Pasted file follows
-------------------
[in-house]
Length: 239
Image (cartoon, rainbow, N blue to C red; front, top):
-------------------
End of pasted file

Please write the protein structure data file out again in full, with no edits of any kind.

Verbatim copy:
[in-house]
Length: 239
Image (cartoon, rainbow, N blue to C red; front, top):